The current state of textbook prices

Ian Havemann, Staff Writer

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College has become notoriously associated with life-long debt thanks to the various costs and expenses that come with receiving a higher education. The forefront of this intimidating battlefield is annual tuition ranging between thousands to tens of thousands of dollars, while the front lines are scattered with classes ranging between hundreds of dollars, and on top of that, there are room & board expenses and textbook costs.

According to a Huffington Post article published in December of 2017 by Tyler Klingkade, college textbook prices have been increasing faster than the rate of tuition, and even faster than the rate of inflation.

Elgin Community College’s Managing Director of Retail Operations, Kelly Strossner, says the main reason for the high cost of textbooks is the manufacturing cost. To produce any small printed product is rather expensive, especially on the nation-wide scale of college textbooks. Also, the market for any one textbook is very limited to the specific colleges or universities that want that specific book. Not to mention the number of revisions and consequently new editions these books go through.

New editions are released on average every 3.9 years, but a 2008 report from the California state auditor found many college deans, department chairs, and faculty members admitted revisions to textbooks are often minimal and not always warranted,” wrote Klingkade.

After the book is written, published, and later revised, the publisher then must use expensive methods of marketing and advertising towards universities. According to Strossner, sample copies of each new textbook must be sent to hundreds of professors, trained salesmen must visit teachers to personally point out the values of new texts, and expensive exhibits of textbooks must be displayed at the various conventions of educators.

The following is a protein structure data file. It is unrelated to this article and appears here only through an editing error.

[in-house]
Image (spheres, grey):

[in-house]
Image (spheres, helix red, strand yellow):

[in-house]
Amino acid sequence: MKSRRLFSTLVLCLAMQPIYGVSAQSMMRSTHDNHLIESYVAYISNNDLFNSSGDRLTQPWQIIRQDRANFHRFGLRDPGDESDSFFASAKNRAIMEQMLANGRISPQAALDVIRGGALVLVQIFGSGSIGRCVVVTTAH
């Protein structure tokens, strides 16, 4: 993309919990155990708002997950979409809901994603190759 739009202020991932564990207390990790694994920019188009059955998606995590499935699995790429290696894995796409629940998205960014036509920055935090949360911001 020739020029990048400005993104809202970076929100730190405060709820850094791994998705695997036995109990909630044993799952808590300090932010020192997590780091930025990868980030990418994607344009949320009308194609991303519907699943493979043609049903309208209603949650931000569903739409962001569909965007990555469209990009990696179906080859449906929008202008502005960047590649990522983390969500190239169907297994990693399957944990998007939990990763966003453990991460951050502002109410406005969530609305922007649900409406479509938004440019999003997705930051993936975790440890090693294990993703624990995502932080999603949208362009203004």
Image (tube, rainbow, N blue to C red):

Although nationally prices for college textbooks seem to be only rising, locally here at Elgin Community College the average student is paying less for a textbook than what they were paying a year ago.

“They’re (the prices) actually declining, it used to be that the average cost of a textbook per student was 129 dollars, and we’re down to 89 dollars,” said Strossner. “I really think it is because of the faculty here have really been trying to find cheaper alternatives.”

These alternatives include utilizing cheaper e-textbooks, having the opportunity to purchase a used textbook rather than a brand-new one, and even suggesting the textbook instead of requiring it.

Strossner also has some advice for any students in a financially restricted position trying to purchase learning materials. Many books are available to rent from the bookstore. The bookstore has a very friendly return policy as long as you have the receipt with you. Don’t write in or unwrap textbooks until you’re positive the instructor requires you to utilize the textbook.

Shopping at the bookstore also aides the campus and students. Proceeds from the bookstore go directly to campus maintenance and amenities, ensuring that the students’ money is supporting more than just their course materials.